Taste Of Tuesday: Go-karts, relationships and metal vs. punk with Quicksand

Editor's note: In its origins, the TASTE OF CHAOS tour was frequently deemed "Winter Warped" by both fans and organizers. The 2006 road show took place in the late winter and early spring, featuring lineups populated by some of the most diverse voices in the scene, including bands like My Chemical Romance, the Used, Underoath, Killswitch Engage, Deftones, Atreyu, Avenged Sevenfold and 30 Seconds To Mars. For the next few weeks, we are going to go back in our time capsules to revisit some of the names that not only cemented TOC as a formidable adjunct to Warped Tour's summer mania, but as a festival of great merit curated on its own aesthetic terms.

As the reactivated TOC begins its next chapter with a touring lineup of Dashboard Confessional, Taking Back Sunday, Saosin and many others, we'll be starting this weekly special "Taste Of Tuesday," where we'll look back at the bands participating at the point of their original zeitgeist. This week, we’re going waaay back to May 1995, when we were holding court with the mighty QUICKSAND to discuss the creation of Manic Compression, the second major-label release from the hardcore-born quartet. Subjects discussed include (but are not limited to) go-karts, relationships, semantics and New York City’s spirited punk vs. metal debate. And while we have you here, has anybody seen Quicksand CEO Walter Schreifels playing with Frank Iero yet?  

Get tickets to Taste Of Chaos festival here!


Manic Speed Thrills: Quicksand

Story: Ken Micallef // Photos: Melanie Weiner

It takes more than an oil change to escape the conventions of hardcore music. After months of heavy on-road testing, Quicksand perfected their mechanics to create Manic Compression, this year’s noisy new model.

On an empty street in Manhattan’s properly prim financial district, Walter Schreifels jumps into an already cranked baby-blue Super Sport go-kart, pops a wheelie, and then peels out, leaving a trail of black smoke as his egg-shaped vehicle roars across the pavement. Dressed in a sleek leather racing jacket and convex goggles, Schreifels looks more like an anorectic version of Vincent Price’s character in The Fly than the vocalist/guitarist of one of the best New York noise bands. Bringing up the rear through Schreifels’ nebulous black fog, drummer Alan Cage zooms by with the guitarist Tom Capone only seconds behind. Sitting on a nearby curb, bassist Sergio Vega curses his luck and spits, his kart DOA with a blown head gasket.

The scene is an almost typical weekend exploit for Quicksand, a time for them to climb up from their basement rehearsal studios into the din of motors, mechanics and macho behavior. Only now it’s all being filmed as the video for their third release, Manic Compression.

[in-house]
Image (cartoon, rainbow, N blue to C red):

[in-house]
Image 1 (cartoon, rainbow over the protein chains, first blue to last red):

How does a humorous video about go-karting relate to the hardcore world of Quicksand?

“It’s the idea of speed and shit like that,” says Schreifels, now lunching on mushrooms and spinach. “It has nothing to do with the song really.”

As part of a fairly recent New York scene that includes bands such as Sieve, Sick Of It All, Into Another, Orange 9mm and Helmet, Quicksand have evolved from their hardcore roots (in outfits including Gorilla Biscuits, Youth Of Today, Absolution, Burn, Beyond, and Bold) into a quartet that not only spews harsh social commentary and acrid guitar noise but upends hardcore convention with rhythmic agility, a wealth of catchy riffs and shards of friendly melody. The music still bites, but without returning to the same, worn-out wound.

“I like to think we haven’t lost what we originally were all about,” says Schreifels, “but we’ve been together a while so we’ve grown a lot musically. Hardcore is not a conscious thing anymore. It just comes out in the way we play.”

Manic Compression bucks like a hog on hot coals, full of groin-pulsing sonics, weird chord structure and different directions. Self-taught and instinctive, Quicksand have learned from exhaustive touring how to expand their sound while sharpening their songs. “Delusional, “ a mid-paced throb about false friendships, aborts an ominous tone with a pretty, layered guitar pattern; “Simpleton” trots merrily on Cage’s marching snare drum cadence until Capone drenches it with a Soundgardenish guitar wash (and Neil Young caterwaul); and “It Would Be Cooler If You Did” is, gulp, strangely close to a rock ballad. (“It’s our punk-rock opera,” quips Cage.)

“We’re definitely trying to make things sound different from song to song,” says Schreifels. “But also trying to break some ground to make the band more unique. It’s good when a record has an ebb and flow to it. I think we developed that on this record. It happened naturally but it is conscious that we didn’t want to have an album of entirely mid-tempo songs or fast aggressive songs. That gets boring after a while.”

Slip, Quicksand’s major-label debut following a Revelation Records EP, was recorded to a click track, making the music stiff and one-dimensional. Manic Compression reveals the band to be up to the often career-ending task of growth.

“And this is closer to our live shows than Slip ever was,” adds Vega.